The Undervalued Virtue Our World Badly Needs
By Theresa Civantos Barber. This article originally appeared in Aleteia and is reprinted with permission.
If there’s one virtue that’s overdue for a revival in today’s world, it’s prudence. At least that’s what Father Gregory Pine, O.P., has discovered in his work as a scholar and pastor. Father Pine is doing his part to encourage a renaissance of prudence. His new book, Prudence: Choose Confidently, Live Boldly is dedicated to sharing and spreading this “undervalued” virtue.
What inspired you to write a book about prudence?
I was inspired to write a book about prudence because I found myself talking about it often. Prudence is undervalued as a virtue, both because it is misunderstood and because it is inherently messy.
That being said, there is a huge need for a renaissance of prudence in the life of the Church. It’s the virtue which empowers us to choose well and to do so boldly and confidently. For a generation gripped by uncertainty and indecision, there’s nothing quite like prudence to embolden us.
How would you describe prudence?
Prudence is the virtue of practical wisdom. It’s the virtue which both enlightens and encourages us to take the steps that contribute to our flourishing. It reveals what is true and good in the concrete circumstances of our lives and lays a path towards the attainment of that end.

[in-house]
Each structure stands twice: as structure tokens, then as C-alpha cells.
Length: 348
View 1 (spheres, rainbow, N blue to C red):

How can we develop prudence in our daily lives?
A good first step is to realize what is possible and what is not. The prudent person isn’t called to be absolutely perfect or flawless in his approach to and execution of decisions all at once. Prudence is a virtue for those on the way. Thus, it helps to approach the task with patience, perseverance, and a healthy appreciation of our weakness and woundedness. That being said, we can do so because God has supplied us with all we need to flourish.
What are the biggest obstacles or challenges to becoming more prudent?
The world, the flesh, and the devil. There are all kinds of obstacles out there. Sometimes it is a matter of being overburdened. It’s hard to be prudent when you are always running from one thing to the next. Sometimes it is a matter of being unsure. It’s hard to be prudent when we insist on having mathematical certainty before ever proceeding with a decision. Sometimes it is a matter of context. It’s hard to be prudent when you find yourself living in an environment of rank imprudence.
Are there any people who you think especially exemplified prudence?
I think of St. Maximilian Kolbe. He had an incredible capacity for envisioning the goal and seeing it through. He was very practical and put his gifts at the service of Our Lord and Our Lady. He accomplished an incredible amount over the course of his life–establishing friaries, founding the Militia Immaculatae, undertaking a huge media apostolate, etc. But, in the end, he never lost sight of who he was or what he was called to. And, when it came time, he was true to his vocation. “I am a priest. I will take his place.” The prudent person grasps the end and takes the steps to accomplish it without ever losing himself along the way. St. Maximilian Kolbe was like that.
What’s the most important thing to know about prudence?
You have what it takes to live your life beautifully and well. Sometimes it’s just a matter of gaining a better appreciation for the graces, gifts, and talents that God has given you and a greater competence for putting them in action. This book is about precisely that.